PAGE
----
Scots pensioner targeted in sophisticated phone banking scam

Fraudsters are able to pose as officials using different techniques - with one Aberdeen pensioner scammed out of £200,000.

A pensioner says he was nearly “cleaned out” of his savings in a sophisticated phone banking scam as charities warn fraud cases are on the rise.

Retired teacher Peter Morrison, from Bearsden, said he received a phone call informing him his bank account was being targeted by fraudsters and he would need to transfer his funds to a new one.

The 84-year-old said the woman on the phone initially sounded very “plausible and authoritative”, though as the call went on, he began to grow suspicious.

He told STV News: “She told me to phone back on the number on the back of my card, which by all accounts must have been really genuine – and I got through to the same scammer. That in itself should have made me suspicious.

“It was a prolonged phone call but then there was a sudden cut-off. I phoned my bank’s fraud helpline. Happily, nothing had happened to my account, but this appears to be a regular occurrence.

“It alarms me how many people would be taken in by this apparently genuine concern for the account holder.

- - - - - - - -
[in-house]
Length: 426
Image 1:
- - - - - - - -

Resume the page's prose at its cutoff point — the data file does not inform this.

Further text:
“I was so disarmed by the original approach. I fell hook line and sinker; who wouldn’t believe the number on the back of your bank card would be a genuine number? I would have been cleaned out.”

Phone, email and text scams are a growing issue which put vulnerable and elderly people in particular at risk.

The scamming technique used Peter’s case is called spoofing, which allows the fraudster to present a false caller ID, such as a business or someone you know.

Phone scams are on the rise with elderly and digitally excluded people most at riskiStock

Often if a person hangs up, the line remains open for the following call and they end up speaking to the same person, or another involved in the scam.

The scammer sometimes claims that you have been the victim of fraud and then encourage you to share confidential information to help prove your identity in a bid to gain access to your account.

Earlier this year, a pensioner from Aberdeen was scammed out of £200,000 by fraudsters using a similar tactic.

Advice Direct Scotland helps people who have fallen victim to scams of all kinds.

Policy Executive John Craft said: “It is a serious problem, scammers are able to impersonate certain officials and use different techniques. Scammers are very prolific in targeting vulnerable people, those who are older or those who are more digitally excluded.

“What we would advise is that people make sure they are taking to a legitimate source – no legitimate source will be outraged at anyone wanting to verify whether something is a scam.

“There are always alternative ways to engage, so in the case of banking scams visiting the local branch if possible is a good way to check.”

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